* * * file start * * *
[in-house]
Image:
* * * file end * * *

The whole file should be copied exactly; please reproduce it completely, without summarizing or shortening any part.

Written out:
[in-house]
Image: